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With her free-spirited daughter away at college and her "hip" ex-husband living across the country, Charlotte has grown used to being alone. For the most part, she prefers it. She relies on familiar routines: manicures, grocery shopping, game shows. But at night, no matter how hard she tries (and in spite of the Dream Machine her daughter Emily sent her) she can't stop her logical mind from running wild imagining burglars, strange noises, and all manner of trouble that might befall her fearless daughter.
Having just graduated from Wesleyan with a pierced tongue and an arsenal of opinions, Emily has always been passionate about her beliefs from mindfulness to vegetarianism to her new live-in boyfriend. Though Charlotte rarely understands her, she's learned to keep her doubts to herself. But when Emily and the new boyfriend arrive for a weekend visit, secrets are revealed that compel Charlotte to take a stand. Forced to examine her own life choices, she's about to learn she can't control everything. What she can do is open her heart to new possibilities, and to the fact that headstrong Emily might have a thing or two to teach them all.
|Product dimensions:||5.30(w) x 8.20(h) x 1.20(d)|
About the Author
Elise Juska's short stories have appeared in many magazines, including The Hudson Review, Harvard Review, Salmagundi, Black Warrior Review, Calyx, and The Seattle Review. She teaches fiction writing at The New School in New York City and The University of the Arts in Philadelphia. Her first novel, Getting Over Jack Wagner, is available from Downtown Press.
Visit the author's website: www.elisejuska.com.
Read an Excerpt
The Hazards of Sleeping Alone
By Elise Juska
Downtown PressCopyright © 2004 Elise Juska
All right reserved.
Chapter OneA creak. A shift. The pressure of a footstep on the living-room floor. But if it were a footstep, wouldn't there be more than one? Wouldn't the creak be followed by another? Many others? Unless an intruder just happened to strike the single weak spot in the floorboards - Charlotte doesn't know yet if there is such a spot - and is, at this moment, creeping undetected toward her bedroom door.
But wait. If there's an intruder, he must have broken in. A break-in would cause more commotion than a single creak. A window shattering, a door kicked in. Charlotte would have heard him. All she heard was a creak, a shift, just the sound of a - what had her mother called it when she was a child? - "a house settling into itself."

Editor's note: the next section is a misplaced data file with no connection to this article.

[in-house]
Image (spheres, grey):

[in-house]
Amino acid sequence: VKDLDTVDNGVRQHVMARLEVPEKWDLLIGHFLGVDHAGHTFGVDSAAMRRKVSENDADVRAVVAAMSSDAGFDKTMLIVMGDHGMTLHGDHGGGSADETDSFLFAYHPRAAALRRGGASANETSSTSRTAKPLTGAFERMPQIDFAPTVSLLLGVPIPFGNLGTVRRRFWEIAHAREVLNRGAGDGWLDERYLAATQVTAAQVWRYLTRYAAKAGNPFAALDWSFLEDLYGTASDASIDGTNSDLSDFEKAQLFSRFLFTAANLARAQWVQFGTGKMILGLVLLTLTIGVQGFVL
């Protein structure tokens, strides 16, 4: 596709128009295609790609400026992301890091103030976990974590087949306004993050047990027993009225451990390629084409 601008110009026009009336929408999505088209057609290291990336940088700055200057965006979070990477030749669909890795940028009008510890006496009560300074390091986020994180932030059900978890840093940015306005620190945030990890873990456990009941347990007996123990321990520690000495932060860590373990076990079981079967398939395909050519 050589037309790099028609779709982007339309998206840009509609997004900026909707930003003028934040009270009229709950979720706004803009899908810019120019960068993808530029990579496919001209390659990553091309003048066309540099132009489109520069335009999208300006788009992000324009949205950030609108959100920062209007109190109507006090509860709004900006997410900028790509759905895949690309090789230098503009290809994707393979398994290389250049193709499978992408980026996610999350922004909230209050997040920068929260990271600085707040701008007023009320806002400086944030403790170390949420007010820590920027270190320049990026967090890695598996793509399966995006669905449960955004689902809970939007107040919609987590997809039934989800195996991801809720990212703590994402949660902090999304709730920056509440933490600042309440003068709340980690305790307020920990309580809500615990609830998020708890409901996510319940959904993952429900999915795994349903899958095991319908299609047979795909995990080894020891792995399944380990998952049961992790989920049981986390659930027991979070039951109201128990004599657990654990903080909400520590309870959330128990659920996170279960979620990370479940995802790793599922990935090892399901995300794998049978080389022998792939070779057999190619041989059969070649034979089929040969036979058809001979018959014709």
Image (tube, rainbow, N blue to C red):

Then again, what if the creak had been the sound of the door opening? Unlocked by a skinny MasterCard? A toothpick? Bobby pin? Charlotte can picture the sliding door in her new living room, the meager pane of glass separating her from the outside world. It wouldn't be too loud, the sound of that door sliding open. The intruder could have broken the lock, nudged the door an inch or two, and slipped inside. Which would mean he's in her living room this minute. He's easing his feet across the plush beige carpet that came with her new condo and that she doesn't like - not because it's beige, Emily's always teasing her about her wardrobe "the color of pantyhose" - but because a rug that thick could easily swallow the footsteps of a man as he made his way toward her room.
Charlotte snaps on the bedside lamp. The room is assaulted with pasty white light. She swings her legs over the side of the bed, steps into her slippers, walks down the short hall to the living room, the kitchen, throwing on lights as she goes, her white eyelet nightgown billowing behind her. She hums a little, an efficient hum. See? Nothing wrong. Everything intact. The yellow refrigerator with the "Welcome to the Neighborhood!" magnet she received in the mail from Millville County Electric. The coffee table strewn - well, not strewn exactly, but piled - with Prevention, People, the latest TV Guide, Martin Sheen's face gazing sincerely from the cover. On the mantel, Emily framed and smiling at ages four, ten, fifteen, twenty-two.
Just think, Charlotte reminds herself, in less than twenty-four hours Emily will be sprawled on this very couch. Emily will be regaling her with stories of the great book she's reading, the students she's teaching, the foods and philosophies she's discovered since the last time they talked. Emily holds passionate opinions about everything. Charlotte smiles, imagining the way her daughter will flip critically past the celebrities in People, tongue ring clicking between her teeth.
She realizes then that there can be no intruder tonight. It would be impossible, someone breaking in the night before Emily arrived.
In the kitchen, Charlotte retrieves a glass and slides it under the icemaker. She never had an icemaker in the house on Dunleavy Street and likes its efficiency, its dependability, the endless supply of cubes shaped like smooth half-moons. She pours herself water from her Brita (as if water had been her objective all along), then strides back toward the bedroom, nightgown swishing by her heels. She misses having two floors, misses the feeling that the space for sleeping is separate from that for being awake. But the condo is more compact, she reasons: life minimized, simplified. Condensed. Lately, Charlotte can't help but feel that she is en route to old age. That she has entered life's downward spiral, when accumulating begins to seem, well, just not practical anymore.